“Mexico City is poised to be part of the vanguard of this century. Culturally, economically, and politically, it can be seen as the capital of the Spanish-speaking world.” -David Lida, First Stop in the New World David Lida’s book, First Stop in the New World, is an anecdotal joy ride through Mexico City at street [...]
- The Postmodern Vagabond: An Interview with Rolf Potts
- Mexico City First Stop in the New World
“Mexico City is poised to be part of the vanguard of this century. Culturally, economically, and politically, it can be seen as the capital of the Spanish-speaking world.”
-David Lida, First Stop in the New World
David Lida’s book, First Stop in the New World, is an anecdotal joy ride through Mexico City at street level. Told in short glimpses, Lida pieces together a rich menagerie of life in a city that is predicted to bloom, prosper, and grown out of control in the 21st century.
“The capital of the 21st century,” reads the subtitle, and this prediction is the heart and soul of the book. By showing the highs and lows of life in Mexico’s capital, Lida sets out to pave the way for the world’s acceptance of Mexico City as the next global capital of culture and commerce.
Lida writes that First Stop in the New Wold is, “a journalistic, anecdotal street-level panorama of Mexico City. The book highlights the place’s paradoxes – that it is home to the richest man in the world, but half of the population lives in poverty; that criminals and cops are difficult to distinguish; that consumerism is ostensibly shunned but outwardly embraced. It journeys through the realms of sex and crime, money and religion, politics and entertainment, art and soccer.”
I am unsure if Lida has his blinders off when making the claim that Mexico City will become the world’s next cultural capital, but the stories that he tells in this book are highly enjoyable to read, regardless of whether they prove any off-handed prophecy.
Lida writes that, “. . . by 2050 the city will expand some forty miles west to envelop the city of Toluca, about sixty miles due south to swallow Cuernavaca, and another sixty miles to the north to absorb Pachuca, resulting in a gargantuan entity of some forty-five million inhabitants.”
In lieu of this pervading onslaught of urbanization, I feel that Lida’s book has come at the perfect time. Mexico City is now on the precipice of rapid change, and Lida’s book stands as an indelible snapshot of a city that is caught perilously between the actions of coming and going.
First Stop in the New World starts out with a description of the urban stage upon which the stories of the book play out. Lida gives an introductory explanation of the “Hypermetropolis” – a word that is often used to describe what Mexico City is rapidly becoming – and how the eyes, and money, of the world are gradually drifting towards the urban heart of Mexico. He then shows maps and explains the genesis of the city that was once the capital of the Aztec empire, complete with an explanatory time-line of how it developed into the urban monster that it is today. From this starting point, Lida then leads the reader on a journey through the the highs and lows of Mexican City life.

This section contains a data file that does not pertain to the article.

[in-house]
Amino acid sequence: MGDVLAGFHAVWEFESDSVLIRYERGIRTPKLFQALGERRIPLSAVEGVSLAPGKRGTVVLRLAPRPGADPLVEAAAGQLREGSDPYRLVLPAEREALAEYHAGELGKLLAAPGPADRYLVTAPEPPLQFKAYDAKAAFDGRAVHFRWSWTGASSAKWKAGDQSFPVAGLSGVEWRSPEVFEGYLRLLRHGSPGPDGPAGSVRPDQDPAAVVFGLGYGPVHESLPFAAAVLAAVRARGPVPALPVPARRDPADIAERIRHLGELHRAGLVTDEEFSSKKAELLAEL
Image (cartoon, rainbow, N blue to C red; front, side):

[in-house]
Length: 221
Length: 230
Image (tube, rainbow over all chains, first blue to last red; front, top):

Talks about globalization, sexuality, the Mexican media, art, gentrification, customs, slang, religion, work, and oddities formulate the backbone of First Stop in the New World. Lida digs deep into the meat of the city with the razor scalpel of a journalist, as he cuts out anecdotal descriptions of the people and places in Mexico City. Taken as a whole, this collection of short literary time-bombs provide the reader with a rather complex, though complete, impression of the the people of Mexican metropolis stand at the beginning of the 21st century.
Lida, who has lived in Mexico City for the better part of the past 18 years, has obviously had the opportunity and willingness to befriend all levels of the urban social sphere. From the grossly rich to the dire poor, Lida interviewed, conversed, and befriended businessmen, prostitutes, professional wrestlers, street vendors, and seemingly anyone else who could serve as an instillation in his non-duel portrait of Mexico City.
From First Stop in the New World:
“The clock behind the bar at El Nivel, the oldest cantina in Mexico City, runs backward, an apt metaphor for the spiritual condition of two of its clients on a recent Friday afternoon. Fiftyish, rumpled, crooked smiles on their faces, they sat with their arms around each other’s shoulders, not only as a gesture of solidarity, but to keep from falling on the floor.”
The above quote is a taste of the colloquial, friendly tone that Lida maintains throughout the book. It was written as if Lida was having a simple, warm conversation with his readers, and he openly invites us to walk through his door and really experience the vibrancy and depth of Mexico City and its people.
First Stop in the New World is truly a great primer to prepare for a trip to Mexico, or a book that will pull at the memory cords of even the most weathered traveler. This book was written from the street, and leaves a tangible record of a city that carries high promises through the gates of the 21st century.
Riverhead Books, First Stop in the New World